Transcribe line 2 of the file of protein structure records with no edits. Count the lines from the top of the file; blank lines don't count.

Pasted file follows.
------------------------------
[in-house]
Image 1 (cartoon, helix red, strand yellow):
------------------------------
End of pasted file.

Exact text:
Image 1 (cartoon, helix red, strand yellow):